A Short History of Funk
Sun Ra: The Magic City (Evidence)
Sun Ra didn’t invent funk or even play it until his twilight years. His music was sui generis, a kind of space age swing, Duke Ellington on acid. But without Sun Ra there would be no George Clinton.
James Brown: The Payback (Polydor)
JB calls himself the Godfather of Soul, but he is truly the father of funk–the creator of the most dangerous sounding music of its time.
Sly and the Family Stone: Stand! (Sony)
Maybe Sly didn’t change the world. But he revolutionized the sound of pop music as profoundly as Elvis, Dylan, or Hendrix. The most visionary artist and greatest musician I’ve ever heard live. Yes, Sly fell into darkness, but it was from a height few have ever even aspired to, let alone actually reached.
Herbie Hancock: Headhunters (Sony)
If you want to hear how Latin music played a decisive role in shaping the sound of funk listen to Hancock’s two versions of his self-penned “Watermelon Man”, one from his debut album, which is polished hard bop, and the other an electrified version throbbing with polyrhythms on Headhunters. The missing link here is the great Mongo Santamaria, who released a danceable version of the song in the intervening years. Just as Hendrix taught Dylan how to play “All Along the Watchtower,” Mongo schooled Hancock on how “Watermelon Man” should sound. It’s a measure of Hancock’s genius that he knew exactly how to exploit such advice.
Paliament: Chocolate City (Mercury)
Back when that meant Washington DC. Old school funk from George and Bootsy.
Bootsy Collins and the Rubber Band: Ah, the Name is Bootsy Baby (Warner)
As dated as a lot of 70s funk now sounds, some of these songs just never grow old. Check out: “What’s a Telephone Bill” and “Pinocchio Theory.”
Miles Davis: On the Corner (Sony)
Miles demonstrates his debt to funk and lays the groundwork for hip hop, all on one neglected masterpiece from the early 1970s. Far superior and more adventurous than Bitches Brew.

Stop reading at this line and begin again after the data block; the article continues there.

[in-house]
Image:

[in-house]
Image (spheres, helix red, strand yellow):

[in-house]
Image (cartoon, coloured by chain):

Earth, Wind and Fire: The Need of Love (Warner)
Maurice White could write and sing any kind of music, from sweet soul to free jazz. But in the late 1970s, he became the greatest hit writing machine in the history of funk and supervised one of the most awesome stage shows in the history of popular music. This early outing is my favorite EWF album: raw, risky and spontaneous.
Mandrill: Fencewalk (Polydor)
Here is the sound of the streets of Bedford Stuyvesant in the 1970s: gritty funk seasoned with hot salsa beats and sultry Caribbean rhythms.
Ohio Players: Skin Tight (Mercury)
Growing up in the Midwest, I adopted the Dayton-based Ohio Players as my funk band. And they weren’t just about those album covers. But those salacious covers weren’t bait-and-switch, either. Their edgy brand of horn-driven funk really was all about sex–sex with just a hint of S&M.
War: Why Can’t We Be Friends? (Avenue)
After Eric Burden came and went, War became the Chicano funk band that defined the East LA sound for much of the 70s. I’ve always thought that this album would make the perfect soundtrack for a film of our book Whiteout: the CIA, Drugs and the Press .
Charles Wright and the Watts 103rd Street Rhythm Band: Express Yourself (Warner)
The most unjustly neglected band of the 1970s (or any decade, for that matter).
Stevie Wonder: Talking Book (Motown)
Q. Aren’t you even the slightest bit embarrassed to publicly proclaim your devotion to Stevie Wonder?
A. Fuck you, moron.
Rufus: Rufusized (MCA)
Chaka Khan’s voice remains the epitome of sex appeal for me, as unfailingly alluring as the opening shot of BB in Godard’s Contempt.
Little Feat: Feats Don’t Fail Me Now (Warner)
The best album by the best (mostly) white southern funk band.
Neville Bros: Fiyo on the Bayou (A&M)
The greatest New Orleans funk band rarely sounds as good on record as they do live. This album is the glorious exception to that unfortunate rule.
Bohannon: Dance Your Ass Off (Rhino)
One of Motown’s signature drummers, Hamilton Bohannon, transformed funk into a polyrhythmic species of disco that was actually fun to listen to outside of clubs and without being juiced on cocaine.
Prince: 1999 (Warner)
Prince reclaimed funk from the manufactured dreck of the disco floors with a double album on which he plays nearly every instrument. 1999 is an unabashed carnival of carnality that resurrected the promise of rock music. Prince really was the most audacious and talented artist of the 1980s, the second coming of Sly Stone–and not a moment too soon.